A recent post from Cyber Security Investigative Reporter, Brian Krebs, does a great job of reminding IT and Information Security professionals everywhere why proper Network Segmentation is so important.

The post, “Inside Target Corp., Days after 2013 Breach” goes into detail about how once criminals infiltrated Target’s corporate network, they were able to run free within the network/domain, easily gaining access to individual point of sale (POS) systems, aka- the cash registers!

By properly segmenting its network, Target could have minimized the level of access to sensitive systems, applications and data.

What is Network Segmentation?

Before diving into how Target might have thwarted its cyber criminals with proper Network Segmentation, let’s define what it is.

Network segmentation is the process of dividing a corporate network into sub-networks with each being referred to as a network segment. The act of network segmentation itself does not inherently make a network more secure. Corporate IT departments routinely segment their networks into subnets and LANs, with traffic between the segments potentially being restricted, but not completely separated and controlled.

When the primary goal is to increase security, Network Segmentation typically involves either physically (i.e. separate hardware) or logically (i.e. virtual systems) segregating networks via completely separate Local Area Networks (LAN).

Segmenting a network into separate LANs (or VLAN when referring to the virtual flavor) creates the opportunity to implement multiple benefits including:

  • Enhanced control over traffic entering and leaving the LAN via firewall port rules and router Access Control Lists (ACLs).
  • Greater visibility of traffic, users and systems within the LAN thanks to a scoped down to focus to a specific business need/requirement.
  • Reduced attack surface thanks to segregation from other Network Segments and a reduced number of users, rules/policies and systems within the LAN.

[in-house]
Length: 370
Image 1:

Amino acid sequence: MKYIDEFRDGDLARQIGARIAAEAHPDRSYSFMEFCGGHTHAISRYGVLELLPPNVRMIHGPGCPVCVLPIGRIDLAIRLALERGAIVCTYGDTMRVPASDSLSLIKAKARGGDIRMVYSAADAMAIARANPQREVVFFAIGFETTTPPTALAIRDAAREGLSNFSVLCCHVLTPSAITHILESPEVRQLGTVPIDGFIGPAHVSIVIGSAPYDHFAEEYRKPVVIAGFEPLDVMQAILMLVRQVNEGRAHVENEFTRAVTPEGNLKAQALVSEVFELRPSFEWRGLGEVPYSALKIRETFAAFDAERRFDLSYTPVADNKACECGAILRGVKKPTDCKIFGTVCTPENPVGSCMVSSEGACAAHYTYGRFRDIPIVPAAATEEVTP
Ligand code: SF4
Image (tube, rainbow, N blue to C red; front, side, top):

• The ability to set a ‘Default Deny All’ policy that disallows all inter organization traffic between the various LANs if needed and allows you to apply the Principle of Least Privilege.

What if Target had its Network Properly Segmented?

As the Krebs article pointed out: “Once inside Target’s network, there was nothing to stop attackers from gaining direct and complete access to every single cash register in every Target store.”

The attackers gained entry into Target’s network via a Trojan horse style of attack. Target allowed access to a vendor who unknowingly carried the virus with them via their infected system, and once entering the network there were no further barriers to keep the thieves from accessing any sensitive parts of the network.

Assume that Target had four major groupings of systems within its corporate network. The Point of Sale systems, Corporate Infrastructure (HR, Marketing, Finance and Accountings, etc), its e-Commerce web servers (Target.com), and its Payment Card Information databases (used for processing credit and debit card payments).

Based on the Kreb’s article, it is easy to assume that at the time of Target’s breach, there were few to no controls in place to limit traffic traversing between the different network segments.

target single network

Now consider how Target may have benefited through the use of proper Network Segmentation, with major grouping of systems encapsulated into their own secure LANs.

  • Each LAN is protected by firewall and configured with strict rules and ACLs that regulate specifically who and what can communicate with the systems within them.
  • User access is limited only to approved systems and IP addresses, and a very small pool of system administrators (e.g. a dedicated management network).
  • Network monitoring utilities are configured to detect anomalies in network traffic like brute force attacks, failed authentication attempts or attempts to gain access via unapproved IP addresses.

target segmented network

In a scenario where the attackers gained access to Target’s corporate network via an outside vendor, the attackers would have been limited to only systems within that LAN they gained access to (i.e. the attack surface would have been greatly reduced).

Further, even if criminals gained access to a sensitive network (e.g. the Point of Sale LAN), given that communication between that network and other networks were properly controlled, gaining access to sensitive data would be much more difficult.

*A big thanks to Jon Welch, Information Security Engineer and Networking Guru, for help with co-authoring this post.